Kaplan noted that with the addition of the four roundabouts and two pedestrian crosswalks near the southern end of the project, there will be many opportunities for pedestrians to cross.
"The roundabouts all include crosswalks integrated with the splitter islands that will serve as pedestrian refuge islands," wrote Kaplan. "Of course, this does not address the immediate need resulting from a lack of any crosswalks except at the existing roundabout at the northern end of Putney Road."
'I'm not satisfied'
"It's disappointing to know it will be five years until we can walk across the street," Stromberg told the Reformer. "Crosswalks have been pushed out until the whole Putney Road project is perfect, with full sidewalks, etc. but in the meantime there is nothing and it's dangerous. The state can pay because they should have 20 or more years ago. So, no, I'm not satisfied. I will be satisfied when I see VTrans trucks out there painting the lines and installing the signals."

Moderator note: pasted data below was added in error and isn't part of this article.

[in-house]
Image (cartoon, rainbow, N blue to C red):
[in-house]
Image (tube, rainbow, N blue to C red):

Rep. Mollie Burke, of Brattleboro, is a member of the House Committee on Transportation. She said VTrans has already invested more than $3 million into the project.
"VTrans has a prioritization process," she said. "I understand that people what their roads done now, but this is a huge project."
Burke said she will continue to have a conversation with VTrans, town officials and other agencies to determine if something can be done about crosswalks between now and when the project gets started, but she didn't hold out too much hope that anything will change soon.
"Maybe we could get a grant, but would anyone want to grant the money for crosswalks knowing they would be torn up when the project gets started."
Bob Audette can be contacted at 802-254-2311, ext. 151, or email@example.com.